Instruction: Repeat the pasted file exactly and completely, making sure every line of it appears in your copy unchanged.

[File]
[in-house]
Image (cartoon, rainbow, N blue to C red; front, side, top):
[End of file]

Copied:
[in-house]
Image (cartoon, rainbow, N blue to C red; front, side, top):